By the time she was writ­ing th­ese short sto­ries, Hurston was liv­ing in Har­lem in the midst of the Har­lem Re­nais­sance, the artis­tic move­ment in the 1920s that pro­duced a host of tal­ented African-Amer­i­can writ­ers, mu­si­cians, vis­ual artists and schol­ars. Al­though she is con­sid­ered one of the move­ment’s ma­jor fig­ures, Hurston some­times ran against its cur­rents, es­pe­cially its em­pha­sis on the “New Ne­gro,” which pre­sented artis­tic high achiev­ers as an ideal. Hurston was such an achiever her­self, but she pre­ferred to write about the ev­ery­day lives of peo­ple of color. In the sto­ries in this book, her char­ac­ters are sawmill work­ers and gam­blers, wash­er­women and mis­chievous lit­tle girls who wish they were princesses.

Hurston is fond of sub­ver­sion of fic­tion’s norms as she fo­cuses al­most com­pletely on black char­ac­ters. White peo­ple are all but ab­sent in this world, and when they do show up mo­men­tar­ily, they’re gen­er­ally clue­less. Hurston sub­verts white at­ti­tudes to­ward black peo­ple by sim­ply ig­nor­ing them.

Whether the sto­ries are set in Ea­tonville or Har­lem, in most of them Hurston writes her char­ac­ters’ di­a­logue in pho­net­i­cally spelled di­alect, like one char­ac­ter’s com­ment on an­other’s fierce wife: “I’m glad to hear dat ‘cause there ain’t no more like her nowheres. Naw sir! Folks like her comes one at a time – like lawyer go­ing to Heaven.”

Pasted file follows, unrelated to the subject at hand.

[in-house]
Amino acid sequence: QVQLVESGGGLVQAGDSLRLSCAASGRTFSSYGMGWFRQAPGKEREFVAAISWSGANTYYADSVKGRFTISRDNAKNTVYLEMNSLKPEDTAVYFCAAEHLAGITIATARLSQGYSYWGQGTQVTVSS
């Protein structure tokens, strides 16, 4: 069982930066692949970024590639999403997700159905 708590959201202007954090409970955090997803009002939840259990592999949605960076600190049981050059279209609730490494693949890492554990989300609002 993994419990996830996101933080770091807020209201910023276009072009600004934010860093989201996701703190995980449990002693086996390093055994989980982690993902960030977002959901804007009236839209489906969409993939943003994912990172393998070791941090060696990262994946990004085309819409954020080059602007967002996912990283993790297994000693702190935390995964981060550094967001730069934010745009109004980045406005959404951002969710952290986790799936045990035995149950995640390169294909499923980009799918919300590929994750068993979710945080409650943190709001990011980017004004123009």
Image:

TO CON­TEM­PO­RARY read­ers, that di­a­logue might seem stereo­typ­i­cal or even of­fen­sive, but Hurston, in an­thro­pol­o­gist mode, wanted to cap­ture the fla­vor of lan­guage. (Her in­sis­tence on ver­nac­u­lar di­a­logue was one rea­son that Bar­ra­coon, her biog­ra­phy of an el­derly, for­merly en­slaved man, was turned down by pub­lish­ers and didn’t see print un­til 2018, 87 years af­ter she wrote it.)

In the fore­word to Hit­ting a Straight Lick, Ta­yari Jones, au­thor of An Amer­i­can Mar­riage, writes, “Hurston cap­tured the lan­guage of her com­mu­nity pho­net­i­cally, so that none of the mu­sic and magic would be lost in the alchemy from breath to ink.”